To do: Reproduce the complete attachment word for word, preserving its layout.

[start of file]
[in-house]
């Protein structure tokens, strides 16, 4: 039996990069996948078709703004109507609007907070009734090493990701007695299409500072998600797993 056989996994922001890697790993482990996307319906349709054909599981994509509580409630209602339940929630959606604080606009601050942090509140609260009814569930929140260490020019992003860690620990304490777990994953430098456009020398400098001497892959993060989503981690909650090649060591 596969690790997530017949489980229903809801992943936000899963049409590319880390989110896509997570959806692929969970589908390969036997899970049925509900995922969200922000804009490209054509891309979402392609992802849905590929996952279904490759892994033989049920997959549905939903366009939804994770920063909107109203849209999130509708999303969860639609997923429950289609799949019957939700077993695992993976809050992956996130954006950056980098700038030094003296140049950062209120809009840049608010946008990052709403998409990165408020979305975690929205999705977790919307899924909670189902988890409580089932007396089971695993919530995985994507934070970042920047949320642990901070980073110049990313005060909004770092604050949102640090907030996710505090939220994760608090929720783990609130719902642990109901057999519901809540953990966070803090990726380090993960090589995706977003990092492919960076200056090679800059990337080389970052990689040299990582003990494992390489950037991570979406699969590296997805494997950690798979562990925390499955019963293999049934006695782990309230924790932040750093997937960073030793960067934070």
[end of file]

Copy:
[in-house]
């Protein structure tokens, strides 16, 4: 039996990069996948078709703004109507609007907070009734090493990701007695299409500072998600797993 056989996994922001890697790993482990996307319906349709054909599981994509509580409630209602339940929630959606604080606009601050942090509140609260009814569930929140260490020019992003860690620990304490777990994953430098456009020398400098001497892959993060989503981690909650090649060591 596969690790997530017949489980229903809801992943936000899963049409590319880390989110896509997570959806692929969970589908390969036997899970049925509900995922969200922000804009490209054509891309979402392609992802849905590929996952279904490759892994033989049920997959549905939903366009939804994770920063909107109203849209999130509708999303969860639609997923429950289609799949019957939700077993695992993976809050992956996130954006950056980098700038030094003296140049950062209120809009840049608010946008990052709403998409990165408020979305975690929205999705977790919307899924909670189902988890409580089932007396089971695993919530995985994507934070970042920047949320642990901070980073110049990313005060909004770092604050949102640090907030996710505090939220994760608090929720783990609130719902642990109901057999519901809540953990966070803090990726380090993960090589995706977003990092492919960076200056090679800059990337080389970052990689040299990582003990494992390489950037991570979406699969590296997805494997950690798979562990925390499955019963293999049934006695782990309230924790932040750093997937960073030793960067934070």